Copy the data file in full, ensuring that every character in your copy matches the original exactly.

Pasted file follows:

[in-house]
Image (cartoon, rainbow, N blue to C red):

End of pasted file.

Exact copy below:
[in-house]
Image (cartoon, rainbow, N blue to C red):